U.S. transfer taxes (U.S. gift, estate and generation skipping taxes) should be a concern to any practitioner creating an estate plan with U.S. links. The following article addresses U.S. estate tax consequences of a family comprised of Canadian citizen/resident parents with American children.
Transfer tax is imposed on the fair market value of the property transferred, reduced by any consideration received.
U.S. citizens, and non-U.S. citizen individuals that are domiciled in the U.S., are subject to the U.S. transfer tax system on global assets.
A person acquires a domicile in a place by living there, for even a brief period of time, without the presence of a definite intention to leave.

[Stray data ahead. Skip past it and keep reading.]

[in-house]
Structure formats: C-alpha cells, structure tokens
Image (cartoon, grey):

A facts and circumstances test is used to determine domicile. Factors include, e.g.:
- Statements of intent (as reflected, e.g., on tax returns filed, visa application, and similar evidence);
- Time spent in U.S. versus time spent abroad;
- Visa status (e.g., green card holder);
- Ties to the U.S. versus abroad;
- Country of citizenship;
- Location of employment, business, and assets;
- Other indicators such as voting, affiliations, membership, driver license, and similar items.
Residence without the intention to remain indefinitely will not constitute a domicile, and the intention to change domicile will not effect such a change unless accompanied by actual relocation.